This reliable bike runs fine.Engine and gearbox has been overhauled. During the 1930s BSA concentrated on producing a range of dependable, well-made, competitively priced motorcycles.
The firm’s single-cylinder range was re-designed by Val Page for 1937, the engines taking on many of the characteristics they would retain in the post-war era, most notably dry-sump lubrication, rear-mounted magneto and that distinctively shaped timing cover.
There were four new offerings in the 350 class: the sidevalve B23 and a trio of overhead-valve models. These comprised the B24 Empire Star, the B26 Star, and the B25 Competition model, which came equipped for trials use.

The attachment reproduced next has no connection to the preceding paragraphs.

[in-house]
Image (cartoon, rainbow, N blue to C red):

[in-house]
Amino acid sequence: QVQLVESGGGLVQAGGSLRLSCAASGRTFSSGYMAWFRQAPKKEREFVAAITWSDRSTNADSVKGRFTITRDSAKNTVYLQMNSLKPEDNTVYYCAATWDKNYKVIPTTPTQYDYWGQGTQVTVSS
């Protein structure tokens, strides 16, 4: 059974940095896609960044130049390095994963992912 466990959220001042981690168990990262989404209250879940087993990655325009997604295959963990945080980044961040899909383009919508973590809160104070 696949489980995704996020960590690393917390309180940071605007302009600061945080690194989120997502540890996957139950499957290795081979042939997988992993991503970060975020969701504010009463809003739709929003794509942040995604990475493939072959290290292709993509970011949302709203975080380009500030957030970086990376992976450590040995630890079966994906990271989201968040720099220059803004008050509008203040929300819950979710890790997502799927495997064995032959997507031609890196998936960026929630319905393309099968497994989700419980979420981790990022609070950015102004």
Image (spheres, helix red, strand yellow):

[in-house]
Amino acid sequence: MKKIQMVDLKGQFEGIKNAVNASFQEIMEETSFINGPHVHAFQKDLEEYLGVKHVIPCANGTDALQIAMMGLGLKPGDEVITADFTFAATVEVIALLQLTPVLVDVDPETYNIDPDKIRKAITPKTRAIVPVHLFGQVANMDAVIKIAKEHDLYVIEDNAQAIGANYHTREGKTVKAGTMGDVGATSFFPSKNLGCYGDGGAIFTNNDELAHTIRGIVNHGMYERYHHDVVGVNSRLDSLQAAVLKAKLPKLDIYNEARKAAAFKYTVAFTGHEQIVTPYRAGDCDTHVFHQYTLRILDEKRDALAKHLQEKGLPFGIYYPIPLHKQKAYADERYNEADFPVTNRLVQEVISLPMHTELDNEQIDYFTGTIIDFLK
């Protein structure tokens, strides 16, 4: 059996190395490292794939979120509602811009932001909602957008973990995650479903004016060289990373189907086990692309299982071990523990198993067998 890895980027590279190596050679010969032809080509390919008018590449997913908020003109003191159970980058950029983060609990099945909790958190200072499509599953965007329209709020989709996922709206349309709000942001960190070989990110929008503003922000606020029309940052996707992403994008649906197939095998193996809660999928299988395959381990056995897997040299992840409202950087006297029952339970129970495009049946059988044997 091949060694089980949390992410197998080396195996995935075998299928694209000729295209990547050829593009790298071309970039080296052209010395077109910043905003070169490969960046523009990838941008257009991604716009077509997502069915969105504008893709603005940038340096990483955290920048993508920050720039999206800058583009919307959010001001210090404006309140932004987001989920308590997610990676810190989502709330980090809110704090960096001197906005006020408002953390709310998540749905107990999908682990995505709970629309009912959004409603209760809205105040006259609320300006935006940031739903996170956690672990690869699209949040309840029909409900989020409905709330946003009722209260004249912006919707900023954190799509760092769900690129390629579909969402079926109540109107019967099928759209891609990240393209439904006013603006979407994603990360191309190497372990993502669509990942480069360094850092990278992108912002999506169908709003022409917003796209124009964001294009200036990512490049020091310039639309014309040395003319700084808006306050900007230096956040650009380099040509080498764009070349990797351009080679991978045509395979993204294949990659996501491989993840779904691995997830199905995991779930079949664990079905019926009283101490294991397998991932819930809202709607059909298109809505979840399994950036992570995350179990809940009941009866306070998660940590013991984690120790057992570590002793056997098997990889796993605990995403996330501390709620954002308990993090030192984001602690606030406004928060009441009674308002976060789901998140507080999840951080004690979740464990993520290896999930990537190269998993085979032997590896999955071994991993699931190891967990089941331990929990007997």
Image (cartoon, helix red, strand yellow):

The new engines were housed in conventional cycle parts and drove via four-speed gearboxes, the Empire Star’s benefiting from the convenience of foot change. These B-series models lasted until the wholesale revision of the range for 1940, which saw all four dropped.